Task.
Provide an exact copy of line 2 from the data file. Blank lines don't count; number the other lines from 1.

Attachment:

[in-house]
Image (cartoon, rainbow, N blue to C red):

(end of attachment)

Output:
Image (cartoon, rainbow, N blue to C red):